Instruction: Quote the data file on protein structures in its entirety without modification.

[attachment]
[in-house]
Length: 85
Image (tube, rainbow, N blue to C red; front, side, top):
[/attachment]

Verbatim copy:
[in-house]
Length: 85
Image (tube, rainbow, N blue to C red; front, side, top):